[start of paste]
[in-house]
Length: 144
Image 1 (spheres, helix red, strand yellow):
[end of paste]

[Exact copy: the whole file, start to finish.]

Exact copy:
[in-house]
Length: 144
Image 1 (spheres, helix red, strand yellow):